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Army Enterprise Service Desk Federation

Thursday, January 7, 2016

What is it?

The Army Enterprise Service Desk (AESD) Federation joins information technology (IT) service desks from across Army commands, Army service component commands, and direct reporting units into one Army enterprise IT service desk framework. Through the AESD Federation, service desks from across the globe will standardize common functions, unique command systems, and application support.

What has the Army done?

In September 2015, the Headquarters, Department of the Army Chief Information Officer (CIO)/G-6 issued a policy to federate service desks across the Army and tasked the existing NIPRNet and SIPRNet service desks to:

  • (1) Move from an acquisition to a sustainment environment
  • (2) Seek continuous improvement opportunities for enterprise services
  • (3) Explore enterprise-wide opportunities to field standardized services and capabilities

To date, the Federation consists of 12 service desks including the AESD, Army National Guard, the Pentagon, and U.S. Army Reserve Command. Commands in the Pacific, Europe, Southwest Asia, and Korea operate service desks within their own theaters as Federation members. In November 2015, the U.S. Army Recruiting Command began talks to join the Federation as well.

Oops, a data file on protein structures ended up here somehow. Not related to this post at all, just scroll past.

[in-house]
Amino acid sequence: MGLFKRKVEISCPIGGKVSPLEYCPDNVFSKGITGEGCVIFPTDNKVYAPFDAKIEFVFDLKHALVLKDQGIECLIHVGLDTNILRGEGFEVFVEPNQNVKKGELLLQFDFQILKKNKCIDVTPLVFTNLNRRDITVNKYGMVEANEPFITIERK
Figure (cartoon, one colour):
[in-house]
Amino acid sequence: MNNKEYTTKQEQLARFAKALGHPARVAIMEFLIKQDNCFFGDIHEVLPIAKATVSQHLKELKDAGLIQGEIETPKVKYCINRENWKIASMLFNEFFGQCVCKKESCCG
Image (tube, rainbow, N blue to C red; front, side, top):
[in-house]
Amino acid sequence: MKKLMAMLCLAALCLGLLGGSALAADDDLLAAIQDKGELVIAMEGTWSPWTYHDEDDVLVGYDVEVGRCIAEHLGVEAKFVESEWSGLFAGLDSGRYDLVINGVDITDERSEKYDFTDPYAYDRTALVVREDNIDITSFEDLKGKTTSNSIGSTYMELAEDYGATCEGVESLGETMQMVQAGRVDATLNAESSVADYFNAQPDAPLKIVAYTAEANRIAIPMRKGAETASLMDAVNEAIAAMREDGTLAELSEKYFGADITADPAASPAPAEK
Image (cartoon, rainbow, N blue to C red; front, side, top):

The AESD Federation holds monthly Integrated Project Team meetings and has developed standardized processes for Blackberry 10 and Department of Defense Mobility Unclassified Capability (DMUC) with more in development. The process is used for everyone in the Army who has a BlackBerry 10, Apple, or Android device.

What does the Army have planned for the future?

The AESD Federation will continue its operational efforts with Blackberry 10 and DMUC devices. The Federation is also focusing on critical enabling technologies:

  • (1) Call management system: A single interactive voice response system rather than the individual iterations at each service desk would reduce costs
  • (2) Knowledge management system: Information on issues and the steps used to address them would be shared across the Federation so that each service desk uses the same knowledge base or steps to solve problems
  • (3) Ticket exchange: With the inclusion of a ticket exchange capability, service desks can send all required ticket information to the service desk most equipped to address the issue, greatly improving support for services such as Department of Defense Enterprise Email, BlackBerry 10, and DMUC

Why is this important to the Army?

The AESD Federation is the embodiment of the current hybrid support model for service desks. Federating service desks improves coordination by establishing a network of available resources to:

  • (1) Align IT support with mission requirements
  • (2) Leverage decentralized expertise
  • (3) Improve business value


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